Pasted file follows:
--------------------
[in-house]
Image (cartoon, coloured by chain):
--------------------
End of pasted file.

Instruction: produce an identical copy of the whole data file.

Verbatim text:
[in-house]
Image (cartoon, coloured by chain):